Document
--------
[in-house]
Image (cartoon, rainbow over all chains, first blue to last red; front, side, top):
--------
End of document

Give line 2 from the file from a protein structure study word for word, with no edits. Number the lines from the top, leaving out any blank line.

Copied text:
Image (cartoon, rainbow over all chains, first blue to last red; front, side, top):